fantasy on a falling line

Back to work-list

Instrumentation: two pianos
Duration: ca. 17′
Commission: Savage Piano Duo
Premiere: TBA

Download a (non-printable) PDF score of this work.

Fantasy on a Falling Line began as a request from two dear colleagues whom I had met during school days at Juilliard, Jeffrey Savage and Karen Hsiao Savage. The husband-and-wife piano duo had planned a concert of two-piano repertoire at Carnegie Hall’s Weill Recital Hall in early 2009. In fact, the duo, who had since Juilliard ended up as faculty at Washington State University, asked for the piece in the summer of 2008, and I began it then with the high hopes of hastily composing a work of around eight minutes.

However, life and its obligations soon overtook those high hopes, and instead of delivering the promised composition, I ended up reconfiguring an older work, Pieces of Reich, adapting the original ballet score for concert performance, with the promise that the new piece would be forthcoming. (The Savages went on to record Pieces of Reich for their debut CD.) With all good intentions, I returned to Fantasy on a Falling Line in 2009. The piece had started to take on proportions of a much larger work—the current composition lasts around seventeen minutes—and other opportunities began to present themselves, namely the commissions for An Inflorescence and my Second String Quartet. That, plus the birth of my second child, meant that Fantasy on a Falling Line would take some time to complete.

That being said, what took me so long? It is difficult to answer except in the most vague way. I sensed that this piece represented a turning point for me, of sorts, and there was also the notion that, for whatever reason, it needed a long time to grow—six years, in fact! In the end, Fantasy on a Falling Line might not bear any obvious marks that distinguish it as different from its immediate predecessors, but the process of making it was a new one for its creator in that the whole of the composition is based on a single set of related intervals and pitches. This relationship is not bound to any one external “method” or “system,” but rather grows out of the internal workings of the music itself.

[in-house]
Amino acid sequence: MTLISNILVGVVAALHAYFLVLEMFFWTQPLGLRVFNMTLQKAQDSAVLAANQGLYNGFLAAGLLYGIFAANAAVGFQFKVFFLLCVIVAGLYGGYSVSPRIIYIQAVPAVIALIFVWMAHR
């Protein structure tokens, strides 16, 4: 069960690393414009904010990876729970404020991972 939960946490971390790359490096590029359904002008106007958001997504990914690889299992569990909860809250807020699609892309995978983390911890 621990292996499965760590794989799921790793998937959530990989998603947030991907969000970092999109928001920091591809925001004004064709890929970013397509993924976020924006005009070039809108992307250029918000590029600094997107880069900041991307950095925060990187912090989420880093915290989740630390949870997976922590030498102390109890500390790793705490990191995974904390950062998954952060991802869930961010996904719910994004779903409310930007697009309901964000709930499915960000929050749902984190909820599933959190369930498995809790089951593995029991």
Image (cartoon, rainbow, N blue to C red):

Cast as a single large arch of music, the piece is broken into seven sections bearing the headings:

Prelude – Movement I – Interlude I – Movement II – Interlude II – Movement III – Postlude

The weight of the work lies in the three movements, though the genesis of the piece stems from the opening Prelude. The cascading, interlocking sixths that commence the music, and their subsequent interaction with the jarring wide-spaced chords that interrupt them, form the basis for nearly every note that follows. In general, the gentle opening soon develops into a raucous, churning Allegro (Movement I) that in turn gives way to a delicate and lyrical slow movement (Movement II). Movement III returns to the frenetic pace of Movement I, with the two interludes acting as the connective tissue that binds all this activity together. Ultimately, the opening Prelude-music returns in the final moments of the piece, though now the high falling line (to which the title refers) is set deep in the pianos’ lowest octaves, and has become a dark moaning ascent.

Fantasy on a Falling Line is lovingly dedicated to Jeff and Karen, whose patience and unwavering faith in this work’s rough entry into being—not to mention their colossal talent—was at all times the most potent inspiration a composer could ever hope for. The final page of the score bears an inscription: a brief stanza from Robert Desnos’s Saisons (1942). The lines have no significance within the music itself, but are rather a message to the dedicatees which reflects life’s passage, the six too-short summers spent working on their piece, and the general sense of time’s “never wearying stream.”